In many ways, Peter Pan is a playful story about the innocence of childhood, but the symbolism of Peter's shadow—which can be detached from the rest of him, a flat and uninteresting piece of matter in the shape of its former owner—can be interpreted rather darkly. J. M. Barrie's novel opens with the declaration that "all children except one grow up" and states that "growing up is the beginning of the end." It has long been suggested that Peter Pan and his lost boys—"babies who fell out of their prams"—are in fact the spirits of dead children gone to a Neverland in which they will never grow up. In this interpretation, then, Peter's shadow, albeit described with a light touch in the story, would seem to represent his physical body or physical life, tied to the earth. It is a "shadow" of the whole person he is in the same way that a corpse is only a thing in the shape of a deceased person, and our memories of a person who has passed on are only a shadow of who that person truly was. It is particularly notable that Peter becomes distressed when he realizes his shadow is detached from him, attempts to reattach it with soap, and then behaves—after Wendy has sewn it back on—as if he was able to reunite himself with it easily, a rejection of the true facts of the matter. It is as if Peter does not want to face the reality that he and his shadow are no longer naturally attached to each other.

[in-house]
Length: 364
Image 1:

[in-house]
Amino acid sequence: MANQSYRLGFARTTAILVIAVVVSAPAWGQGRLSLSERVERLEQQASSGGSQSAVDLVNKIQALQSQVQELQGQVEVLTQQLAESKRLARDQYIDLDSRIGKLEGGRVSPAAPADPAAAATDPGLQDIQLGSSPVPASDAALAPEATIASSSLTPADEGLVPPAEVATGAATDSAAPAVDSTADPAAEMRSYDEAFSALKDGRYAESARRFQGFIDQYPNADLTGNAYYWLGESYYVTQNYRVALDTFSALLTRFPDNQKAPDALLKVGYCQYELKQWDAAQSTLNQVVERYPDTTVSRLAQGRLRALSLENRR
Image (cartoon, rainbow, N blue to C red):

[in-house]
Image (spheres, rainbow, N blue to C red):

J. M. Barrie himself never grew taller than five feet, and, in many ways, Peter Pan is often thought to be his avatar, but Barrie was also strongly influenced by the death of his older brother, David, in a skating accident in childhood. So, Peter can be seen to represent not only the continued physical childishness of Barrie, but also those children suspended in a perpetual Neverland of the mind, never achieving adult understanding of the world because of their untimely deaths.